A look inside the life of an Ann Arbor Police Department dog: Shepherds are a popular choice
Photo courtesy of Ann Arbor Police Department
The Ann Arbor Animal Hospital does annual preventative health, emergency care, and other general health concerns for police dogs at the Ann Arbor Police Department. We recently reached out to Officer Patrick Maguire of the AAPD with our list of questions on working animals, and he gave us a lot of information in his answers.
It was too much for a single post, so we've decided to split it into two parts. So here is part one of "More than man's best friend: Meet Lenny of the AAPD."
What breeds of dog are used?
Lenny is a German Shepherd from Slovakia. While many types of dogs can be, and are, used for police work, the Shepherd is a popular choice for several reasons. They have been bred and used for this type of work for many generations. They have a great disposition and personality and tend to be very loyal to their human “partner.”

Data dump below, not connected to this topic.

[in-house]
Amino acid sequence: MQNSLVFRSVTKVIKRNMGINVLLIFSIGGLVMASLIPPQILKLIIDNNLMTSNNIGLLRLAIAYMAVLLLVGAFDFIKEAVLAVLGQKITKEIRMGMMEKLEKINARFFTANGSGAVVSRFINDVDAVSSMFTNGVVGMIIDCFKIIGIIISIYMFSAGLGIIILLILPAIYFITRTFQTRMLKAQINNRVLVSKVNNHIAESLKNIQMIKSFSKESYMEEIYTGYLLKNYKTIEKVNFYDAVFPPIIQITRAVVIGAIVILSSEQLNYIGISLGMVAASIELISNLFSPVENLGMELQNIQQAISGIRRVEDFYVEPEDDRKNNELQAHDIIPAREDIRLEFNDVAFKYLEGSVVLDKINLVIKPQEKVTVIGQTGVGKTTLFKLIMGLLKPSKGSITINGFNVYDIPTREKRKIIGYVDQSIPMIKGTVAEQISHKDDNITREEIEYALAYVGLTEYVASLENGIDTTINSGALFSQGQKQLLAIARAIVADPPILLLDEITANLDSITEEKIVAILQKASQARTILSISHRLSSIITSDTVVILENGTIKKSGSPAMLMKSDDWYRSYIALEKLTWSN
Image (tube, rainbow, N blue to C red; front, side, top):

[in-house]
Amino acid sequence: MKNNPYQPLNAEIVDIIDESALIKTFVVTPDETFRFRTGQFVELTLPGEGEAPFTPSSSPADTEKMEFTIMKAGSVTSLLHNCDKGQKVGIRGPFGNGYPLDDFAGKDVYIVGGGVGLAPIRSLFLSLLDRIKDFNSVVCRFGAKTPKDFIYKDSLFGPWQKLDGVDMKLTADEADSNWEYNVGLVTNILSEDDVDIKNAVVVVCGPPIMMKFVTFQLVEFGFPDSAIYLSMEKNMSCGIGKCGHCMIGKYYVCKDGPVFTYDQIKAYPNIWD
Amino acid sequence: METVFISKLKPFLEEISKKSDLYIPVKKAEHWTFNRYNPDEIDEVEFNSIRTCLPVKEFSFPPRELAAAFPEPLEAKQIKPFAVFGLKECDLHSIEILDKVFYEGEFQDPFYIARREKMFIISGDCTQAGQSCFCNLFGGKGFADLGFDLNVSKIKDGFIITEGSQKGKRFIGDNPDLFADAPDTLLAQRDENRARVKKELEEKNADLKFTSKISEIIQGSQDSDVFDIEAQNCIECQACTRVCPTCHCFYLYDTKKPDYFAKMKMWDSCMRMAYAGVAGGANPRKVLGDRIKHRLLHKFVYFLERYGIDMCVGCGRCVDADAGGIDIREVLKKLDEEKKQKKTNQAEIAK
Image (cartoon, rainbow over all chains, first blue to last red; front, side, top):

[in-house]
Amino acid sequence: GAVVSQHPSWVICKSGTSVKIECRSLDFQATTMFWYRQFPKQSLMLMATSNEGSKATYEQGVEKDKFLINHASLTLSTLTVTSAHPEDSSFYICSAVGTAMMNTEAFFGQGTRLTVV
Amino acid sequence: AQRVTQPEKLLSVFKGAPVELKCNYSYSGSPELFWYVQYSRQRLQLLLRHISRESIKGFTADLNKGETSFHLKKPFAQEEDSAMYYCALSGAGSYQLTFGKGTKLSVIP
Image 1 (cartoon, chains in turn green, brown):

Lastly, the German Shepherd is a great choice for police work in that they are a great all-around fit for the job. Their size and athleticism means that they are excellent for tracking and chasing down bad guys. Their great nose makes them an excellent fit for “detection work” where they are asked to help find explosives, drugs or other contraband.
Is one sex preferred over the other?
Many people assume that police dogs need to be males in order to be aggressive enough for police work. However, I have seen many female dogs used in police work, and they have worked just as well as the males I have seen.
How do you find or recruit dogs for your program? Where do they come from?